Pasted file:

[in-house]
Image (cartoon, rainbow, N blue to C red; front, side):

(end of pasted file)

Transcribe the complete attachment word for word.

[in-house]
Image (cartoon, rainbow, N blue to C red; front, side):